Figure 2 explains the policy implications of the green and red margins. If we are in the green margin, then theoretically government could continue to expand; once we are in the red margin, government must shrink:
The problem with government spending as it is in modern government budgets, is that the majority of expenses are for entitlements. We cannot simply shut down entitlements overnight, or we will throw dependent citizens out in the cold - often literally. They have been convinced by generous-with-taxpayers-money legislators that government both can and will provide them with a roster of goodies. When government spending, as a result of those generous promises, grows deep into the red margin, it is the responsibility of our elected officials to roll back the size of government into the green margin - and do it in such a way that those who were lured, like Homer by the Sirenes, into the treacherous waters of government dependency, will come out of the process as stronger, prouder and more independent citizens.
A prudent path to smaller government consists of two steps: short term and long term.
Long-term reforms take time to design, legislate and implement. Some take more time than others, but a window of 2-5 years will allow practically all long-term reforms to go from idea to actual policy.
Given where Wyoming is today, we do not have that much time - we simply cannot rely solely on the long-term reforms to close our runaway budget deficit. We need "breathing room", and the best way to get that is through a process that enhances the efficiency of our current government. Improving the efficiency of government operations is a permanent solution (if done right) that will make current government programs less unaffordable to taxpayers - in terms of our technical analysis, this pushes the government-spending curve out to the right:
The new function Ge (for efficiency) expands the green margin and reduces the red one. In practical terms, this means that we can now make modest but badly needed reductions in the tax burden while we await the effects of the long-term spending reforms.
Please note that an efficiency improvement of government does not change the slope of government spending. Most of our tax dollars still go toward funding entitlements, and the efficiency reform will leave the entitlement growth parameters largely intact.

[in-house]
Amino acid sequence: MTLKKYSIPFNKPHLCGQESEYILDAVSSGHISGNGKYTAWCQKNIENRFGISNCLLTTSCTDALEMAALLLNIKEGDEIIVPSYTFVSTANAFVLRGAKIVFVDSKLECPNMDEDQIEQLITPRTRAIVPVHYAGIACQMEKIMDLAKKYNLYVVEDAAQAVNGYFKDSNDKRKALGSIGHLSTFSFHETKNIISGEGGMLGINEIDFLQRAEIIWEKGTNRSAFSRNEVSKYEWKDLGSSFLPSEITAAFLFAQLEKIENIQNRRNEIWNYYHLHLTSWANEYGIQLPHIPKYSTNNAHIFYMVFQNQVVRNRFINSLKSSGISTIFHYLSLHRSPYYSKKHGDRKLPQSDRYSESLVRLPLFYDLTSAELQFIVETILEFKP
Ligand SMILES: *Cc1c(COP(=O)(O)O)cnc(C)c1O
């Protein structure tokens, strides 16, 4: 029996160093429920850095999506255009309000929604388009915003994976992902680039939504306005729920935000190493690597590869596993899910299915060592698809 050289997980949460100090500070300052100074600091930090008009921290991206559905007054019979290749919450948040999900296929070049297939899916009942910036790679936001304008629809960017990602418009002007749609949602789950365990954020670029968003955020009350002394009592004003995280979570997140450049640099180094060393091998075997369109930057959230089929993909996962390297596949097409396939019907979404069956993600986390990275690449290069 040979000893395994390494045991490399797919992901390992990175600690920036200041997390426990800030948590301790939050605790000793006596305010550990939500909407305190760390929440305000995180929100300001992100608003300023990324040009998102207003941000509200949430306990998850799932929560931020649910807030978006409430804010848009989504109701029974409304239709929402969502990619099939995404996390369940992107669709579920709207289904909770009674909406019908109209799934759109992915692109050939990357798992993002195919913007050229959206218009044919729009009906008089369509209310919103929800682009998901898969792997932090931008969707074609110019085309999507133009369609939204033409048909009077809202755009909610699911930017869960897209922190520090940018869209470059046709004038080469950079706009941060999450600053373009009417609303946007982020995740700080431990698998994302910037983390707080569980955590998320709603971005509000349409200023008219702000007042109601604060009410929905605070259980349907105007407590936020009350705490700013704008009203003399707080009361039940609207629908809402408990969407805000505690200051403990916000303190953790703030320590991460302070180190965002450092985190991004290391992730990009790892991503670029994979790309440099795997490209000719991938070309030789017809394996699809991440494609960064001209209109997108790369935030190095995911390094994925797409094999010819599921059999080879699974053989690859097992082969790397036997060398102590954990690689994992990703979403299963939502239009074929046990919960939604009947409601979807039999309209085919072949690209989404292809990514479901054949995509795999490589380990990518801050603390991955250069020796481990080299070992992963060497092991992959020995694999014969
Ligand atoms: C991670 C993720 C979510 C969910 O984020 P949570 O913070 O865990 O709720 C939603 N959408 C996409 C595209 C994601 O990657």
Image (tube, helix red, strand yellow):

That said, if we use wisely the breathing room provided by the efficiency reform, we can launch long-term spending reforms so that their positive effect on the economy gradually add on to the gains from the efficiency reform.
Permanent spending reforms aim to permanently change the trajectory of government spending. Their purpose is to target the growth parameters of all government-spending programs, thus forcing government spending to fall in line with what taxpayers can afford under any given tax burden. The theoretical point is explained in Figure 4, where the black arrow represents the growth trajectory of a government when its spending is long-term compliant with basic principles of fiscal conservatism:
Fiscal conservatism means:
- as much as possible keeping government away from economic redistribution;
- concentrating government resources on protection if life, liberty and property; and
- at all times confining government to a tax burden that will not negatively affect the private sector.
In other words, all the permanent-spending reforms needed to individual entitlement programs will be accompanied by one, over-arching reform that confines total government spending to the private sector's ability to pay for government without negative impact on the continuous operations and long-term growth and prosperity of businesses or the finances of individual citizens and families.
For examples of actual reforms to spending programs, please see my previously published examples of K-12 education and Medicaid reforms, as well as my proposal for privatizing the University of Wyoming.